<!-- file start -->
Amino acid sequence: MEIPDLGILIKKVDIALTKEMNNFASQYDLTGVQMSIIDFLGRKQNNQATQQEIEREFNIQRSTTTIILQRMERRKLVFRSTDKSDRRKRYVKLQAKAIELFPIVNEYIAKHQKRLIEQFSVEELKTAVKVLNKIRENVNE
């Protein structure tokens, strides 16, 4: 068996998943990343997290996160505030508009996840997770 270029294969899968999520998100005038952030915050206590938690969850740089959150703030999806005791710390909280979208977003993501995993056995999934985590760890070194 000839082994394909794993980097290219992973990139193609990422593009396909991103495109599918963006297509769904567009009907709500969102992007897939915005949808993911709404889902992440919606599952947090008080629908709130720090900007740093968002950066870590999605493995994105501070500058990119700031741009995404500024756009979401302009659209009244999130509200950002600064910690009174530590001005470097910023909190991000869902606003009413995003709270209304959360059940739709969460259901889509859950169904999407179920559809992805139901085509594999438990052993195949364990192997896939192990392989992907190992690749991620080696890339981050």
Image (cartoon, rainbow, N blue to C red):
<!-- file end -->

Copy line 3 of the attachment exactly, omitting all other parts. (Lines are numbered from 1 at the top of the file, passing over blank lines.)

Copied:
Image (cartoon, rainbow, N blue to C red):